After you're seated, the bartender of staff will take your order and help you through the menu. It could be a few minutes if the bar is busy, but don't worry, they haven't forgotten or ignored you because you're a gaijin. You don't need to get up, wave, yell, hold some bills in your hand, or anything of the sort. Just wait! If there's clearly something amiss, then a simple sumimasen is the most appropriate way to get immediate attention from the staff.
Feel free to order from the menu if they have one and you're capable. But depending on what kind of experience you're after, this might not be the best way to order given that bar menus tend to appeal to as wide a variety of drinkers as possible. You came all the way to Tokyo, and you've made it this far. You want something special and unique, right?
Already have a drink in mind? Bartenders in Japan tend to have a massive quantity of recipes memorized, so they'll probably be able to immediately tell you if they are capable of making your drink of choice.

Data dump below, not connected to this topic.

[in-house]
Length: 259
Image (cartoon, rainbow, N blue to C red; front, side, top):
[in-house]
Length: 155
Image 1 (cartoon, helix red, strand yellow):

Don't know what to drink? Here's your chance to experience Japan's famed omotenashi culture if you haven't already. Have a think about what you like. Have a conversation with the bartender if possible. Did a bottle on the shelf catch your eye? Ask to see it. Ask if you can smell the aroma. You may even get a complimentary taste. What base do you like? Something with bubbles? What fresh fruits do they have tonight? Can the bartender offer a recommendation? Talk your way through what you like, what you don't like, and let that guide the bartender to come up with something for you.
Rather that paying per drink or opening a tab as you may do back home, in Japan, you'll just get a bill at the end.
Whiskey Richard is the founder of nomunication.jp, and has been saying he has lived in Japan for ten years for the past four years. He enjoys drinking basically anything except straight-up Campari.